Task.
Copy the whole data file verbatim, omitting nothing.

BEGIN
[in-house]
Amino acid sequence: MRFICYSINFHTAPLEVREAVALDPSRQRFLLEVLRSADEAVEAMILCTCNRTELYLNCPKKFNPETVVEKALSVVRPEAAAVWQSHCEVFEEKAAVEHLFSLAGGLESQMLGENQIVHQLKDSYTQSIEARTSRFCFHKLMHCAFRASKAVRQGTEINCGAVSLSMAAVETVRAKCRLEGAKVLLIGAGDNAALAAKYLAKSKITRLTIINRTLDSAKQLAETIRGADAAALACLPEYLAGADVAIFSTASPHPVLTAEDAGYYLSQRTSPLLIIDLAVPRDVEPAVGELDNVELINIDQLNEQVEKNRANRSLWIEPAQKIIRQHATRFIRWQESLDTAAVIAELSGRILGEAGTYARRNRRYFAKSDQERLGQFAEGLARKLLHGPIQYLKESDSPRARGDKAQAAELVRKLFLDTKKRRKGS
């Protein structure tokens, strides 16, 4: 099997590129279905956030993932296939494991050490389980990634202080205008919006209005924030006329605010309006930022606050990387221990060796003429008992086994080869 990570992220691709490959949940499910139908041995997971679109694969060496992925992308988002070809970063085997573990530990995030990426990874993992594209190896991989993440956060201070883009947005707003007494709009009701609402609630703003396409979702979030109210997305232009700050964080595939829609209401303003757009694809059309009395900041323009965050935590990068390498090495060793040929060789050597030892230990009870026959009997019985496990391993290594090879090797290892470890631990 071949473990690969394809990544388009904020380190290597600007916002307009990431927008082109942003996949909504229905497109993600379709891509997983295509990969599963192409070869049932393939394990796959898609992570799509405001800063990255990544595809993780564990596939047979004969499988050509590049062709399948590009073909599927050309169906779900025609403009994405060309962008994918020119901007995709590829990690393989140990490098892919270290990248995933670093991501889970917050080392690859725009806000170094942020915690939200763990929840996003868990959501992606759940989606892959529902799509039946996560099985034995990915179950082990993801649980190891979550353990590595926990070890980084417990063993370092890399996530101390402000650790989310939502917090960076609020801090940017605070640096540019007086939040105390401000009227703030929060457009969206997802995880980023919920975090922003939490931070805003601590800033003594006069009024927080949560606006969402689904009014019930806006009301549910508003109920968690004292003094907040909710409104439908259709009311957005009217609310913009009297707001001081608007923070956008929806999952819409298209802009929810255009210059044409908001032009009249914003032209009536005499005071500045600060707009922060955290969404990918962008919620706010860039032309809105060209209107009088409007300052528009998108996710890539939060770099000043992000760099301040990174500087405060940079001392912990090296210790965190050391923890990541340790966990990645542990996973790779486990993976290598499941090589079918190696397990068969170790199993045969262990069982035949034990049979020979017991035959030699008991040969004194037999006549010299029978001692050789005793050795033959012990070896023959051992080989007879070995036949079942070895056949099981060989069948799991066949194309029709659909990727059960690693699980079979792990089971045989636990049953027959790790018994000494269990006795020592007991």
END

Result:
[in-house]
Amino acid sequence: MRFICYSINFHTAPLEVREAVALDPSRQRFLLEVLRSADEAVEAMILCTCNRTELYLNCPKKFNPETVVEKALSVVRPEAAAVWQSHCEVFEEKAAVEHLFSLAGGLESQMLGENQIVHQLKDSYTQSIEARTSRFCFHKLMHCAFRASKAVRQGTEINCGAVSLSMAAVETVRAKCRLEGAKVLLIGAGDNAALAAKYLAKSKITRLTIINRTLDSAKQLAETIRGADAAALACLPEYLAGADVAIFSTASPHPVLTAEDAGYYLSQRTSPLLIIDLAVPRDVEPAVGELDNVELINIDQLNEQVEKNRANRSLWIEPAQKIIRQHATRFIRWQESLDTAAVIAELSGRILGEAGTYARRNRRYFAKSDQERLGQFAEGLARKLLHGPIQYLKESDSPRARGDKAQAAELVRKLFLDTKKRRKGS
């Protein structure tokens, strides 16, 4: 099997590129279905956030993932296939494991050490389980990634202080205008919006209005924030006329605010309006930022606050990387221990060796003429008992086994080869 990570992220691709490959949940499910139908041995997971679109694969060496992925992308988002070809970063085997573990530990995030990426990874993992594209190896991989993440956060201070883009947005707003007494709009009701609402609630703003396409979702979030109210997305232009700050964080595939829609209401303003757009694809059309009395900041323009965050935590990068390498090495060793040929060789050597030892230990009870026959009997019985496990391993290594090879090797290892470890631990 071949473990690969394809990544388009904020380190290597600007916002307009990431927008082109942003996949909504229905497109993600379709891509997983295509990969599963192409070869049932393939394990796959898609992570799509405001800063990255990544595809993780564990596939047979004969499988050509590049062709399948590009073909599927050309169906779900025609403009994405060309962008994918020119901007995709590829990690393989140990490098892919270290990248995933670093991501889970917050080392690859725009806000170094942020915690939200763990929840996003868990959501992606759940989606892959529902799509039946996560099985034995990915179950082990993801649980190891979550353990590595926990070890980084417990063993370092890399996530101390402000650790989310939502917090960076609020801090940017605070640096540019007086939040105390401000009227703030929060457009969206997802995880980023919920975090922003939490931070805003601590800033003594006069009024927080949560606006969402689904009014019930806006009301549910508003109920968690004292003094907040909710409104439908259709009311957005009217609310913009009297707001001081608007923070956008929806999952819409298209802009929810255009210059044409908001032009009249914003032209009536005499005071500045600060707009922060955290969404990918962008919620706010860039032309809105060209209107009088409007300052528009998108996710890539939060770099000043992000760099301040990174500087405060940079001392912990090296210790965190050391923890990541340790966990990645542990996973790779486990993976290598499941090589079918190696397990068969170790199993045969262990069982035949034990049979020979017991035959030699008991040969004194037999006549010299029978001692050789005793050795033959012990070896023959051992080989007879070995036949079942070895056949099981060989069948799991066949194309029709659909990727059960690693699980079979792990089971045989636990049953027959790790018994000494269990006795020592007991």